LOUISVILLE, Ky. — Deadly storms producing multiple tornadoes tore across six different states the night of Friday, December 10, through the early morning hours on Saturday, December 11. Kentucky was the worst-hit state as long-track tornadoes hit the highly populated areas of Mayfield and Bowling Green, along with many rural areas.
The deadly Mayfield tornado that hit just after 10 P.M. (EST) was a long track tornado. The NWS stated it traveled 163.6 miles through Kentucky alone. This was the second of the two long track tornado produced by a long-lived supercell.
The NWS said the supercell traveled more than 350 miles. According to NWS preliminary surveys, the first long track tornado started in Arkansas and traveled 80.3 miles through Missouri and into Tennessee. NWS officials said there was an 11 mile break between the two tornadoes.
Video: WHAS11 Live during first tornado warning
The National Weather Service (NWS), located in Paducah, Ky., has been assessing the damage to determine the strength of the tornado along its path. On Wednesday, the NWS said the tornado that traveled from Fulton County to Muhlenberg County has been preliminarily categorized as an EF-4 with an estimated peak wind speed of 190 mph. This area includes Mayfield and Dawson Springs, some of the hardest-hit communities.
The preliminary data provided by the NWS indicates the tornado was at least one mile wide and was on the ground for more than 120 miles. The exact track of the storm is still being evaluated.
After 2 A.M. (EST), a deadly tornado moved through Bowling Green. This was not the same tornado that impacted Mayfield. The NWS, located out of Louisville, Ky., found in its preliminary surveys that the storm fluctuated between an EF-1 and EF-3 as it moved through the city. Wind speeds reach at least 155 mph. The NWS stated the tornado grew from 250 yards wide to 1/4 mile wide near Veterans Memorial Dr.
There was significant damage to the Creekwood subdivision, located on the southwest side of Bowling Green. The survey stated hundred of homes were damaged, hundreds of powerlines/power poles were downed and snapped, and there was significant tree damage.
The NWS said the tornado pushed a fully loaded 18 wheeler was 15 yards, and the corvette plant sustained significant damage. The survey stated debris from the plant was thrown hundreds of yards.
Survey teams are still assessing the damage in Bowling Green, and new information will unfold over the next several days.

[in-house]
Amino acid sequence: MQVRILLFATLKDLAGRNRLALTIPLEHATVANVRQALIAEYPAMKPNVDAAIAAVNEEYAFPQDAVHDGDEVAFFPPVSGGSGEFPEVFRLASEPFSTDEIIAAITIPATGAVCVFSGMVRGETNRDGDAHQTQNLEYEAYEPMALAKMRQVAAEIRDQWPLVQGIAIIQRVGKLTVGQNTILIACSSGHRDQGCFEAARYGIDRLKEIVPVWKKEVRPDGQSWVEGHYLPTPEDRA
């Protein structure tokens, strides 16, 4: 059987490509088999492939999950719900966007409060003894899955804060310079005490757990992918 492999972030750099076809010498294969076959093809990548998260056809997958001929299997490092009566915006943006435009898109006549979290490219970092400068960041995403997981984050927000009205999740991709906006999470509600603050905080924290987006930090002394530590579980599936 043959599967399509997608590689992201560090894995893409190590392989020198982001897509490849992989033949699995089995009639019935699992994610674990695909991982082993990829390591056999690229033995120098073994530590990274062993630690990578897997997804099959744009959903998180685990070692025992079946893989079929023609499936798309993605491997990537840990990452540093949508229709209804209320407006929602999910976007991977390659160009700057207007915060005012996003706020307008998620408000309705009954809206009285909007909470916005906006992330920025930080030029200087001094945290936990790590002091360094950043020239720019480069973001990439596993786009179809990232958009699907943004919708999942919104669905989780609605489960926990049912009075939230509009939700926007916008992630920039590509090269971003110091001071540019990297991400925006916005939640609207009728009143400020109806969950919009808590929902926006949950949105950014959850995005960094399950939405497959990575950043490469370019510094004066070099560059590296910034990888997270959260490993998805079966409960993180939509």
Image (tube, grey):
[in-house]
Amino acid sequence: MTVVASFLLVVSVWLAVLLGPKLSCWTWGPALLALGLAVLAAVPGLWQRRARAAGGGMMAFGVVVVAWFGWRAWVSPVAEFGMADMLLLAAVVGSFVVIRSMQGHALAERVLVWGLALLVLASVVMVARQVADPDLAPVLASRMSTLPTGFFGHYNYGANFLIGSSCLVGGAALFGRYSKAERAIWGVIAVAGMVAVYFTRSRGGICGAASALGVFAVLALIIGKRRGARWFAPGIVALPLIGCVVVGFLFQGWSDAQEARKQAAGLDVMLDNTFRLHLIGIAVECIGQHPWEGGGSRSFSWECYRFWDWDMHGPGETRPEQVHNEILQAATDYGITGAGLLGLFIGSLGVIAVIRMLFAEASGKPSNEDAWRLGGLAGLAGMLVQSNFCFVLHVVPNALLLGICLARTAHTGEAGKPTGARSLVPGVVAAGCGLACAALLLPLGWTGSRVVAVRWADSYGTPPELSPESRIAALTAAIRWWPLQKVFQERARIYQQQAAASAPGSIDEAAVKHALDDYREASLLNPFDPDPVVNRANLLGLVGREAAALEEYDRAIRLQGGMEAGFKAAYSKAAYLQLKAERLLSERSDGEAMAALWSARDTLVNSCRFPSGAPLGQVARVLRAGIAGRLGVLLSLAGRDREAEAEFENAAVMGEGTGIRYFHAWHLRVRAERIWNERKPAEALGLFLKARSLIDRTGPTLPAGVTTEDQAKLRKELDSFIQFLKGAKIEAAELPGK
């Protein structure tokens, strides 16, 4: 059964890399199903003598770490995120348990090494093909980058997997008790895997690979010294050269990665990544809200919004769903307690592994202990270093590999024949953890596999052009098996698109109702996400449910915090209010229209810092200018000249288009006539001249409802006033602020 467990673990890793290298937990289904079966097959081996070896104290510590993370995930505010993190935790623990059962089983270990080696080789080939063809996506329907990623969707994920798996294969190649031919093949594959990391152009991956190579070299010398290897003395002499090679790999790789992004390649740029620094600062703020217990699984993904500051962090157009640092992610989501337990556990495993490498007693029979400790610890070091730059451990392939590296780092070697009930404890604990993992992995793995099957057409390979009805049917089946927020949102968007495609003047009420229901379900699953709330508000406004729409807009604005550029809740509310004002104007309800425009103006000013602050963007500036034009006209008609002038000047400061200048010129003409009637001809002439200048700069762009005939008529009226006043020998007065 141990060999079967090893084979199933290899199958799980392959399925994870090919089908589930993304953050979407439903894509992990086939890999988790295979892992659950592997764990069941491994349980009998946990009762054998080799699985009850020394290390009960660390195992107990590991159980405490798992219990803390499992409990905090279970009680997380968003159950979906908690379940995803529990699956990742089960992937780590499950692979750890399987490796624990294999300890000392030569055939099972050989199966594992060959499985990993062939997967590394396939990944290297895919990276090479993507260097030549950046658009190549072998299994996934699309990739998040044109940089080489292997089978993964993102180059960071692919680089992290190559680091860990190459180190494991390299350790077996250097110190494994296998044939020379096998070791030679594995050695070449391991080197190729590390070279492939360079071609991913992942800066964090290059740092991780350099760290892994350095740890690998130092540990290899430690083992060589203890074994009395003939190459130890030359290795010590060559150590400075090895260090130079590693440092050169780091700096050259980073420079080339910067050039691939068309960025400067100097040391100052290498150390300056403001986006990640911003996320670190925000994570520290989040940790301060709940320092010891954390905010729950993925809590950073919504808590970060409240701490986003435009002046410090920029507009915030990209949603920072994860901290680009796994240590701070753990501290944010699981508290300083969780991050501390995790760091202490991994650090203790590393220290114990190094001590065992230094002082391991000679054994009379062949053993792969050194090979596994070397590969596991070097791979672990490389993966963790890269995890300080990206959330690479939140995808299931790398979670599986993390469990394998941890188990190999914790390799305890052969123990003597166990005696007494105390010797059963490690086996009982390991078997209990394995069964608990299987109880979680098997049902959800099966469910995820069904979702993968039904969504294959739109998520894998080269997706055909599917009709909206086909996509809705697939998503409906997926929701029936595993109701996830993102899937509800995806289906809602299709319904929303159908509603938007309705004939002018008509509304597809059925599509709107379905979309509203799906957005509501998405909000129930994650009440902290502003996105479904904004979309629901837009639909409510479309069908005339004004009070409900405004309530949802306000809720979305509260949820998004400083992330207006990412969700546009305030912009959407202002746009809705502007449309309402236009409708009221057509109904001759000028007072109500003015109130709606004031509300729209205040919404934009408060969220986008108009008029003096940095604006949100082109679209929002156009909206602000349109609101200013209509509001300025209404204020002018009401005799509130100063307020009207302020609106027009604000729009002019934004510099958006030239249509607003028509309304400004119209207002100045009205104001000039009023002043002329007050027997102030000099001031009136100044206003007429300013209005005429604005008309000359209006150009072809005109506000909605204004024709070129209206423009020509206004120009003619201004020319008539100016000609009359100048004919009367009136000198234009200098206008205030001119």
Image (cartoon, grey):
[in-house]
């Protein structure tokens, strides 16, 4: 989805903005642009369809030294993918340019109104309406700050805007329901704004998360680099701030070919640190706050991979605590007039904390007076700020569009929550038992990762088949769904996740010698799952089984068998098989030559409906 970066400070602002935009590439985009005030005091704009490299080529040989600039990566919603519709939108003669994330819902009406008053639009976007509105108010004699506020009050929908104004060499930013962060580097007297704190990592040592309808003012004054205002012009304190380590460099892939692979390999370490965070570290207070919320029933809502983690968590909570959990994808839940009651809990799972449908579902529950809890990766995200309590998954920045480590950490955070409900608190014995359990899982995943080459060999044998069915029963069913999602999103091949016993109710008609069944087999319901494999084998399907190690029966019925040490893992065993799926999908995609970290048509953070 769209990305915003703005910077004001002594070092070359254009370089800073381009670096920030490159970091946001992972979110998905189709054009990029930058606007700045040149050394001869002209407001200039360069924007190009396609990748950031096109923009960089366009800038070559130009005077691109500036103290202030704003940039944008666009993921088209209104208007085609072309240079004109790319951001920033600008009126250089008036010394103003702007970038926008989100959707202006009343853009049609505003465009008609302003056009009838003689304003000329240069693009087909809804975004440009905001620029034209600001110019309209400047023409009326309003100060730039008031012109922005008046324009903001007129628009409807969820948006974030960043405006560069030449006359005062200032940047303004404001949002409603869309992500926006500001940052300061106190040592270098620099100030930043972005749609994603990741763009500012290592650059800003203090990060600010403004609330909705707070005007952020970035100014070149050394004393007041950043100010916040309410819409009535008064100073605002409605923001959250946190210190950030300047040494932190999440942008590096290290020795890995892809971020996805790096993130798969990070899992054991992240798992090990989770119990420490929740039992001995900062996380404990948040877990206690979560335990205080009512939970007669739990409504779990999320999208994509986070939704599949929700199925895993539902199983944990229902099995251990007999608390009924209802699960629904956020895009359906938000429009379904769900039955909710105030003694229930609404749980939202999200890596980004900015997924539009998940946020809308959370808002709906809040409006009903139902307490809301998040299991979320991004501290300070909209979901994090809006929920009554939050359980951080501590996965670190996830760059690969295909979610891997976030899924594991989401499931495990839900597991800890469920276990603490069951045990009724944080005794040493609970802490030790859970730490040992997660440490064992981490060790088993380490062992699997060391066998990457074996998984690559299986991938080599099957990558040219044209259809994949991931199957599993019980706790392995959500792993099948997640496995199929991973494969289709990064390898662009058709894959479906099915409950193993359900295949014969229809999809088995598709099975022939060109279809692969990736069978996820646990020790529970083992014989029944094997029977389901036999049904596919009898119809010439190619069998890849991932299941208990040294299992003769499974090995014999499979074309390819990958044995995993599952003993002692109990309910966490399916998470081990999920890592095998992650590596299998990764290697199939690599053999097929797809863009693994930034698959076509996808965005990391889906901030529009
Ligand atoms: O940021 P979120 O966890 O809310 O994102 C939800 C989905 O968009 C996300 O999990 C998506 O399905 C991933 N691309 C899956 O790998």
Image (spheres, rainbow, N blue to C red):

The same storm that produced the historic long-track Mayfield tornado also dropped a tornado that tracked through Ohio, Breckenridge, and Grayson Counties, starting around midnight. The NWS is still assessing the damage, but preliminary data shows an EF-3 tornado touched down near Hartford, Ky. It decreased intensity to an EF-2 near Olaton, KY. The tornado was an EF-1 as it continued into the area near Falls of Rough, Ky. between 12:41 A.M. and 12:45 A.M.
In Falls of Rough, the NWS said the tornado tracked across Highway 110. The survey stated that over a hundred trees sustained severe damage, from being snapped or uprooted. Debris from a heavily damaged boat facility was tossed 300 yards. According to the NWS was 150 yards wide and produced wind speeds up to 105 mph.
The same storm produced a tornado in Spencer County, about three to four miles Southwest of Mt. Washington, Ky. The NWS survey states that the tornado started around 1:51 A.M. and ended around 1:53 A.M. traveling 1.5 miles to the northeast. It produced wind speeds up to 95 mph and was 100 yards wide.
According to the NWS, the damage started at Old Louisville Rd. The report states silos were knocked over and a barn had collapsed. There was also reported damage to an outbuilding and trees at Max Rouse Rd.
The storm the produced the Bowling Green tornado also dropped a tornado in Hart County. The NWS said in a survey the tornado started as an EF-1 in Horse Cave, Ky. at 2:51 A.M. After traveling 8 miles northeast it ended as an EF-2 tornado in Hardyville, Ky. at 3:03 A.M.
The survey reported 1 injury. It produced wind speeds up to 115 mph and was 200 yards wide.
The NWS reported damage to a barn, massive tree damage, roof damage, and second stories of many homes were removed. In Horse Cave, the NWS said buildings had sides blown and major roof damage.
The storm then tracked to the northeast, wherein a preliminary rating the NWS stated an EF-3 tornado touched down in Taylor County that killed one person just before 2 A.M. While the NWS has not released its complete survey, it stated the tornado produced wind speeds of 140 mph.
Meteorologist Alden German was with the NWS during the survey on Sunday. German said the tornado leveled homes and severely damaged others.
The NWS said survey teams will take days to assess the damage and other areas hit by tornadoes across Kentucky.